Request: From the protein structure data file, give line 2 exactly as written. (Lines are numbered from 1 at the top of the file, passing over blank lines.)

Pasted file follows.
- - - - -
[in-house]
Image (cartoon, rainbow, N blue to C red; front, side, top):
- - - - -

Image (cartoon, rainbow, N blue to C red; front, side, top):